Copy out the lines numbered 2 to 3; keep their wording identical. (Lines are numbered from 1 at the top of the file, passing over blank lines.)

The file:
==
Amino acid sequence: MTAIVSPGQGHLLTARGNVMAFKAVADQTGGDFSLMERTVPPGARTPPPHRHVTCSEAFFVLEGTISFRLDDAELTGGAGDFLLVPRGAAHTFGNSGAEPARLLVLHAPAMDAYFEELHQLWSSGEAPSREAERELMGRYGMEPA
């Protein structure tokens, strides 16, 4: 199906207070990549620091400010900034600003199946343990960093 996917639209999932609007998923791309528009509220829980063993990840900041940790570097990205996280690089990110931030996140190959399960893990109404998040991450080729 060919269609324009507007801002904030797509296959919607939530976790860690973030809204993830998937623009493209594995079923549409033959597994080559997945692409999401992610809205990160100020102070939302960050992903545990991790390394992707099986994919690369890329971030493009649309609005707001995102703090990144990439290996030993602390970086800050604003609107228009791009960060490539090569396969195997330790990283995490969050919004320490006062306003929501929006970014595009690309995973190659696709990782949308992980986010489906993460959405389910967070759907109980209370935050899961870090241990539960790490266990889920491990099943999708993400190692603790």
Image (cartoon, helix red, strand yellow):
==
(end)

């Protein structure tokens, strides 16, 4: 199906207070990549620091400010900034600003199946343990960093 996917639209999932609007998923791309528009509220829980063993990840900041940790570097990205996280690089990110931030996140190959399960893990109404998040991450080729 060919269609324009507007801002904030797509296959919607939530976790860690973030809204993830998937623009493209594995079923549409033959597994080559997945692409999401992610809205990160100020102070939302960050992903545990991790390394992707099986994919690369890329971030493009649309609005707001995102703090990144990439290996030993602390970086800050604003609107228009791009960060490539090569396969195997330790990283995490969050919004320490006062306003929501929006970014595009690309995973190659696709990782949308992980986010489906993460959405389910967070759907109980209370935050899961870090241990539960790490266990889920491990099943999708993400190692603790």
Image (cartoon, helix red, strand yellow):